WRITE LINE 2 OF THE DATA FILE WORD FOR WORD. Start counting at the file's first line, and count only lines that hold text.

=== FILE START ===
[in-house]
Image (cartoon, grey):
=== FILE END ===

Image (cartoon, grey):